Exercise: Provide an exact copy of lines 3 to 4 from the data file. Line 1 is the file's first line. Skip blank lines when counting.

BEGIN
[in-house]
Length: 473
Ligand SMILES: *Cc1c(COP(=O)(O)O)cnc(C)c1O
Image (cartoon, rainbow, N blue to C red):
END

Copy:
Ligand SMILES: *Cc1c(COP(=O)(O)O)cnc(C)c1O
Image (cartoon, rainbow, N blue to C red):